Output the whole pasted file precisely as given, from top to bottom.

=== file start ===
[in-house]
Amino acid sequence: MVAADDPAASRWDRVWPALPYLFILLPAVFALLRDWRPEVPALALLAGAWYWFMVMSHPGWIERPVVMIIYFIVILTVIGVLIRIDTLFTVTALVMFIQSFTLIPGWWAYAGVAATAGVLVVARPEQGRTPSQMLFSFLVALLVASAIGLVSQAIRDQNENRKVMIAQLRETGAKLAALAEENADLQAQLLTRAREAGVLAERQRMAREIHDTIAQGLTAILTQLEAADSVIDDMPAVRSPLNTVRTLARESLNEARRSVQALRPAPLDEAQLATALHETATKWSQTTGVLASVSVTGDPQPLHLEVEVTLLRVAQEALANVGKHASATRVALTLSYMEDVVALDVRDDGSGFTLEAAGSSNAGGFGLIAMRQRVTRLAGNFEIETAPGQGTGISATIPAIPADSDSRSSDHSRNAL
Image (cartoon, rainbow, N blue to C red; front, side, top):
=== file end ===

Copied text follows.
[in-house]
Amino acid sequence: MVAADDPAASRWDRVWPALPYLFILLPAVFALLRDWRPEVPALALLAGAWYWFMVMSHPGWIERPVVMIIYFIVILTVIGVLIRIDTLFTVTALVMFIQSFTLIPGWWAYAGVAATAGVLVVARPEQGRTPSQMLFSFLVALLVASAIGLVSQAIRDQNENRKVMIAQLRETGAKLAALAEENADLQAQLLTRAREAGVLAERQRMAREIHDTIAQGLTAILTQLEAADSVIDDMPAVRSPLNTVRTLARESLNEARRSVQALRPAPLDEAQLATALHETATKWSQTTGVLASVSVTGDPQPLHLEVEVTLLRVAQEALANVGKHASATRVALTLSYMEDVVALDVRDDGSGFTLEAAGSSNAGGFGLIAMRQRVTRLAGNFEIETAPGQGTGISATIPAIPADSDSRSSDHSRNAL
Image (cartoon, rainbow, N blue to C red; front, side, top):